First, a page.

Firefox Password Manager fell victim to an attack in late 2006. [slashdot.org] Its mistake was based on t
        • by hackstraw (262471)

          It pisses me off that my bank recently moved its login page to a https page.

          My bank!!!

          I phoned them and complained, and they said it was no big deal.

          Well, its on an https page now.

          I'm thinking that their logic is that the browser warns the user (usually once, then they turn it off) that they are sending information via a nonsecure page if the handler is not an https server. Call me paranoid, but I want my login page encrypted.

    • Rats, I thought something was fishy, them ditching SSL and all.

      Don't laugh, Datek (now Ameritrade) used basic HTTP auth until about 2001 or so. Yikes!
    • by bl8n8r (649187)
      > If I want to go to gmail, my bank, whatever,
      > I'm definitely not going to follow a link from some random website or e-mail.

      The bigger picture is coupled with XSS (http://en.wikipedia.org/wiki/Cross-site_scripting) or a writeable web root*, you could be redirected without even knowing it. Malware could also drop a local web page on your computer and redirect you there to offer up the exploit. How about when you purchase things on Ebay and click "Continue to my PayPal account". For every person like
  • by PrescriptionWarning (932687) on Friday January 04, 2008 @11:01AM (#21909176)
    What's really to stop someone from popping up a screen that says "Please enter your PayPal username and password below:" anyway? I mean all they gotta do is set up some simple html page that kinda looks official and you can be sure that you'll get more than a handful of dummies who'll actually put it in. I have to wonder when things stop being considered the fault of the program and start being the fault of the user.
    • Re: (Score:2, Insightful)

      by hotrodent (1017236)
      Agreed, and heck, I'm a big Firefox advocate. But would you react the same way if the fault had been found in IE instead? A bug is a bug and needs to be fixed. Users will ALWAYS be users - that'll never change.
    • Re: (Score:3, Informative)

      by Basje (26968)
      Because the realm is the identifying element of authentication. The username/password combo automaticly resent if the realm matches.

      So if you first logon to paypal and afterwards to another page on the same realm, you don't need to retype the username/password.

      If another site mimics the exact realm, the username/password is sent to that site as well.

      Details here: http://httpd.apache.org/docs/1.3/howto/auth.html#basicworks [apache.org]
      • Re: (Score:3, Informative)

        That doesn't sound right to me, but I'm not going to test it because I'd rather to go to bed.

        The realm is not a trusted string in any way, shape, or form, and if a browser did automatically hand out your username and password to any site claiming the same "Realm" it should cause quite a stir in the security community. Reasonably, I'd expect browsers to follow the specs you linked to in the Apache docs but only within the same domain.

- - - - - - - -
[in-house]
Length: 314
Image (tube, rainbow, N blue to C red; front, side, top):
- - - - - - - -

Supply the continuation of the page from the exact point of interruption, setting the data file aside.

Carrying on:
On the other hand, Basic authentication isn't widely used, so I guess m

        • by jon787 (512497)
          Firefox does the sane thing and limits Realm to a hostname. Not sure about any other browser but we use HTTP Auth here and I've accidently switched from partial to fully-qualified domains and had it prompt me again.
      • by chrisv (12054)

        The realm is only half of the identifying element - the URL requesting authentication is the other half. For basic authentication (RFC 2617 [ietf.org], section 2), the realm value is only for the server sending it; if another server (identified typically by [ http/https, hostname, port ]) sends me a WWW-Authenticate header with the same realm name specified, for the purposes of authentication it is a different realm. In digest authentication (section 3), it is possible to have credentials go across multiple servers,

    • Re: (Score:3, Insightful)

      by Bearhouse (1034238)
      Indeed. Slightly offtopic, but the really bad thing is that eBay and Paypal do just this, (popup screens across sites). The first time I was asked to verify my Paypal details when trying to pay for something on eBay, I spent a long time noting the different pieces of info, then backed out and rechecked, before submitting any more sensitive info, (Paypal ID and CC numbers).

      Yes, browser faults are serious and should be fixed, but a bigger problem is sloppy coding of sites that get people into bad "submit th
  • Youtube video (Score:5, Informative)

    by sucker_muts (776572) <[moc.liamtoh] [ta] [nvp_rekcus]> on Friday January 04, 2008 @11:03AM (#21909210) Homepage Journal
    Youtube video mentioned in the article:

    http://youtube.com/watch?v=NaCPw1s3GFw [youtube.com]